The Yavapai – Fierce Warriors of the Colorado River

Sacred buckskin of the Apache

Sacred buckskin of the Apache.

The Yavapai are an Apache tribe of the Yuman Family, popularly known as Apache Mohave and Mohave Apache, meaning “hostile or warlike Mohave.” Before their removal to the Rio Verde Agency in May 1873, the Yavapai claimed as its range the Rio Verde Valley and the Black Mesa from the Salt River, as far as Bill Williams Mountains in western Arizona. They then numbered about 1,000. Earlier, they ranged much farther west, as far west as the Colorado River, but they were chiefly an interior tribe, living south of Bill Williams Fork as far as Castle Dome mountains above the Gila River. In the spring of 1875, they were placed under the San Carlos Apache Agency, where, in the following year, they numbered 618.

Writings of the time described the Yavapai men as tall, erect, muscular, and well-proportioned and the women as stouter and handsome than the Yuma. In 1900, most of the tribe drifted from the San Carlos Reservation. They settled at their old home on the Rio Verde, including the abandoned Camp McDowell Military Reservation, assigned to their use on November 27, 1901. By 1903, they were said to number between 500 and 600 (but this number probably included some Yuma and Apache), scattered in small bands from Camp McDowell to the head of the Rio Verde.

An executive order of September 15, 1903, set aside the old reservation for their use. However, in 1905, the ravages of tuberculosis were reported to be largely responsible for a great number of deaths, and by the following year, their numbers had been reduced. In 1906, 465 “Mohave Apache” were officially reported at Camp McDowell and in the Upper Verde Valley of Arizona, and 55 at San Carlos, for a total of 520.

Today, the Yavapai have three reservations in Arizona.

The Yavapai-Prescott Tribe is located near Prescott, Arizona, on a reservation of about 1,500 acres. Established solely for the Yavapai in 1935, it comprised only 75 acres of the former Fort Whipple Military Reserve in central Arizona. The modern Yavapai-Prescott Indian Tribe continues to preserve the ancient culture of its ancestors. It works diligently to achieve economic independence through numerous tribal enterprises, including a resort and two casinos. Tribal members today number about 160.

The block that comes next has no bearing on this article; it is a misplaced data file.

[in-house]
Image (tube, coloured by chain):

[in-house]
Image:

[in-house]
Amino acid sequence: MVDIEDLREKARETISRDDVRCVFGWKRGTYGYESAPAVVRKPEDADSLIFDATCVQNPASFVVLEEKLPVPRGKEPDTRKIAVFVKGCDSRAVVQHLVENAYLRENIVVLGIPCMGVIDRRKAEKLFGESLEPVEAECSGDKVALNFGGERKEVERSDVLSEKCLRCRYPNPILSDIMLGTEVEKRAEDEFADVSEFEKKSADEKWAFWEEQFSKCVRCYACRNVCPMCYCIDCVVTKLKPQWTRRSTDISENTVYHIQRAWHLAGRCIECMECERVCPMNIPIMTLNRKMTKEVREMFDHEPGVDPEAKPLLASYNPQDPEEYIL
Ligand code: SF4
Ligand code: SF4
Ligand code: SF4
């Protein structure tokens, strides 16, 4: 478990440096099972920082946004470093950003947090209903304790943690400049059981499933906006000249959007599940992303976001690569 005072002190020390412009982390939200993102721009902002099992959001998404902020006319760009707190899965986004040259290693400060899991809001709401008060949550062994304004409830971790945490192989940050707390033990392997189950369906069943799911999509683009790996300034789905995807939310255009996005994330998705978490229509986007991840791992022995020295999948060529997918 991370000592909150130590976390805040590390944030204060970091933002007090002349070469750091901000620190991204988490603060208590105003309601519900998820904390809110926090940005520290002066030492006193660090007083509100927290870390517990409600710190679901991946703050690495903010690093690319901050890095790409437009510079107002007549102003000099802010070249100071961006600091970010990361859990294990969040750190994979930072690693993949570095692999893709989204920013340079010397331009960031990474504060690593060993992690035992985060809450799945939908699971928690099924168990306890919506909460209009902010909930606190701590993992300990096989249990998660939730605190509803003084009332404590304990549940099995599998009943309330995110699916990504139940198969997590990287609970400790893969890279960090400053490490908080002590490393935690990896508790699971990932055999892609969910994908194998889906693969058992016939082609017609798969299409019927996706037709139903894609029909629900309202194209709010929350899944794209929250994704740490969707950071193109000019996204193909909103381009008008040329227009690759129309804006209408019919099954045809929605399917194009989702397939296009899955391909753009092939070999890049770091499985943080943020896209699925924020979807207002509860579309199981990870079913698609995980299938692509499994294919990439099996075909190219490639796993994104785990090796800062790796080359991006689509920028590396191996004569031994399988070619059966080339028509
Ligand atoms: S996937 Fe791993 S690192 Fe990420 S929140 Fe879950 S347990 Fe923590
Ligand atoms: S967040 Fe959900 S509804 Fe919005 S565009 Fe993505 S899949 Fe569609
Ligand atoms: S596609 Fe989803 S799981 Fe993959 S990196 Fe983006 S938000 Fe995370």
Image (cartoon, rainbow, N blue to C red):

Contact Information:

Yavapai-Prescott Tribe
530 E. Merritt
Prescott, Arizona 86301
928-445-8790

Yavapai Apache Reservation.

Yavapai Apache Reservation.

The Yavapai-Apache Nation combines two distinct tribal people, including the Yavapai and Apache, who refer to themselves as the Wipuhk’a’bah and Dil’zhe’e. Both tribes lived in the Verde Valley and the surrounding country for centuries. The Dil’zhe’e lived mostly east, and the Yavapai lived west of the Verde River. Revenues from tribally owned enterprises, including a casino, assist the Nation in providing much-needed economic, educational, and social programs for its tribal members.

The reservation encompasses four tribal communities, including Camp Verde, its tribal headquarters, Clarkdale, Middle Verde, and Rimrock, and more than 1,600 acres throughout the Verde Valley.

Contact Information:

Yavapai-Apache Nation
2400 W. Datsi St.
Camp Verde, Arizona 86322
928-567-3649

The Fort McDowell Yavapai Nation is located within Maricopa County, about 23 miles northeast of Phoenix. Created by an Executive Order on September 15, 1903, the 40-square mile reservation is now home to 600 community members, while another 300 live off-reservation.

It sits amid the ancestral territory of the once-nomadic Yavapai people. Today, Fort McDowell Yavapai takes great pride in its community and has built a strong, stable community and economy that includes a casino and resort through perseverance and hard work.

Contact Information:

Fort McDowell Yavapai Nation
P.O. Box 17779
Fountain Hills, Arizona 85269
480-789-7000

© Kathy Alexander/Legends of America, updated May 2024.

Also see:

Arizona – The Grand Canyon State

Fort McDowell – Amid the Apache Wars

Apache – The Fiercest Warriors in the Southwest

Native American Tribes